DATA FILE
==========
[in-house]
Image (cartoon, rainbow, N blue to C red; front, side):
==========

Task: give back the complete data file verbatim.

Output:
[in-house]
Image (cartoon, rainbow, N blue to C red; front, side):